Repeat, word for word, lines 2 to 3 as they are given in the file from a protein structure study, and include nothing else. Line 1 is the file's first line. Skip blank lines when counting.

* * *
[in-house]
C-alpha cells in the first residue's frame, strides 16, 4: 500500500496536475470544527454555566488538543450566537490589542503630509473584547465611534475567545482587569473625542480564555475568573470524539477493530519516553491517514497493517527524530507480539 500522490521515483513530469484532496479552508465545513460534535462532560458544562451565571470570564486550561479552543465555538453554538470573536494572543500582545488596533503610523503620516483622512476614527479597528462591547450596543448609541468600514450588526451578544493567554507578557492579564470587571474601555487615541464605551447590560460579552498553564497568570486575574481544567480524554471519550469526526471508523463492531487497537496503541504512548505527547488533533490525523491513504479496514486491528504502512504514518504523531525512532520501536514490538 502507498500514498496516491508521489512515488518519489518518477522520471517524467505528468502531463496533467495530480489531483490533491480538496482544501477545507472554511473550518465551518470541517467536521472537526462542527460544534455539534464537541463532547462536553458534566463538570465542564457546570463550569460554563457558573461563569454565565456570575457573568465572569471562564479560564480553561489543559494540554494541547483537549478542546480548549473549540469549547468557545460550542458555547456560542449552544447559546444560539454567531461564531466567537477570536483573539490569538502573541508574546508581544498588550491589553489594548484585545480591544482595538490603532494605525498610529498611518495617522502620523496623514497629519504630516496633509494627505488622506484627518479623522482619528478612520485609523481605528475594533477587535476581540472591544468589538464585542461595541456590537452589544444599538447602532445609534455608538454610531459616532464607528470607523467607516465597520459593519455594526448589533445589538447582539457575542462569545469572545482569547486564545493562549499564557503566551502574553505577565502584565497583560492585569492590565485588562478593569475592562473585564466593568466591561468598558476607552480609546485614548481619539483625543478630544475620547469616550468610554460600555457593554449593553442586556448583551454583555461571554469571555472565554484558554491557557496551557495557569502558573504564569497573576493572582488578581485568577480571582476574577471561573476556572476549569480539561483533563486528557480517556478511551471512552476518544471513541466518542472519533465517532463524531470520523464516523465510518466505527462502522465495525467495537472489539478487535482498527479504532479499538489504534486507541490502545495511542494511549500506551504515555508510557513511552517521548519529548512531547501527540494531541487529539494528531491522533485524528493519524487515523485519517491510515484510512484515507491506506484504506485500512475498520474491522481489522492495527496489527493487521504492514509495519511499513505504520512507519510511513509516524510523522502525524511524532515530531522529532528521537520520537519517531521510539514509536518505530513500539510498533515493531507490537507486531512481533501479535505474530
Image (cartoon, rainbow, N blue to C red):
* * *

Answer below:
C-alpha cells in the first residue's frame, strides 16, 4: 500500500496536475470544527454555566488538543450566537490589542503630509473584547465611534475567545482587569473625542480564555475568573470524539477493530519516553491517514497493517527524530507480539 500522490521515483513530469484532496479552508465545513460534535462532560458544562451565571470570564486550561479552543465555538453554538470573536494572543500582545488596533503610523503620516483622512476614527479597528462591547450596543448609541468600514450588526451578544493567554507578557492579564470587571474601555487615541464605551447590560460579552498553564497568570486575574481544567480524554471519550469526526471508523463492531487497537496503541504512548505527547488533533490525523491513504479496514486491528504502512504514518504523531525512532520501536514490538 502507498500514498496516491508521489512515488518519489518518477522520471517524467505528468502531463496533467495530480489531483490533491480538496482544501477545507472554511473550518465551518470541517467536521472537526462542527460544534455539534464537541463532547462536553458534566463538570465542564457546570463550569460554563457558573461563569454565565456570575457573568465572569471562564479560564480553561489543559494540554494541547483537549478542546480548549473549540469549547468557545460550542458555547456560542449552544447559546444560539454567531461564531466567537477570536483573539490569538502573541508574546508581544498588550491589553489594548484585545480591544482595538490603532494605525498610529498611518495617522502620523496623514497629519504630516496633509494627505488622506484627518479623522482619528478612520485609523481605528475594533477587535476581540472591544468589538464585542461595541456590537452589544444599538447602532445609534455608538454610531459616532464607528470607523467607516465597520459593519455594526448589533445589538447582539457575542462569545469572545482569547486564545493562549499564557503566551502574553505577565502584565497583560492585569492590565485588562478593569475592562473585564466593568466591561468598558476607552480609546485614548481619539483625543478630544475620547469616550468610554460600555457593554449593553442586556448583551454583555461571554469571555472565554484558554491557557496551557495557569502558573504564569497573576493572582488578581485568577480571582476574577471561573476556572476549569480539561483533563486528557480517556478511551471512552476518544471513541466518542472519533465517532463524531470520523464516523465510518466505527462502522465495525467495537472489539478487535482498527479504532479499538489504534486507541490502545495511542494511549500506551504515555508510557513511552517521548519529548512531547501527540494531541487529539494528531491522533485524528493519524487515523485519517491510515484510512484515507491506506484504506485500512475498520474491522481489522492495527496489527493487521504492514509495519511499513505504520512507519510511513509516524510523522502525524511524532515530531522529532528521537520520537519517531521510539514509536518505530513500539510498533515493531507490537507486531512481533501479535505474530
Image (cartoon, rainbow, N blue to C red):